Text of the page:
KP, you can take some nice shots with that XTi. No worries there.
Like Fug wrote the filter probably won't do you any good. Shoot raw and you can adjust in post processing. Once you get the hang of it, you can make the adjustments rapidly and once you adjust one raw in a series, you can apply the same adjustment to all of the others. If you have to shoot JPG or it's your absolute preference, learn to set the white balance manually. Carry a piece of photo paper or other white paper (poor man's method, you can also spend money on a grey card) and use the techniques described on page 86 of your manual to set a custom white balance. Essentially, you take a picture of a white object (the photo paper or a grey object the grey white balance card) filling the view finder. It doesn't matter if it is in focus. Just take the picture in the lighting environment in which you will take pictures. Then just follow the steps outlined and you should get pretty good JPG images, although some lights cycle and you may still have trouble. You can get around it with RAW, but not as easily with JPG.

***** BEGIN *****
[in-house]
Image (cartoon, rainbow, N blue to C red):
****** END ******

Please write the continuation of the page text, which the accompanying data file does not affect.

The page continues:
Randy, I hadn't thought of slowing focus tracking... Ugh, always something to learn. I know that's what's wrong with some of my photos.
KP, pages 57 and 58 of your manual tell you how to select your focus point. Set it to center point (the best focus point on your camera) and keep that little center rectangle over the hips or face and you should see some improvement. Unfortunately you don't have a way to focus separately from the shutter button, that I can see, so you'll have to go with this method for now.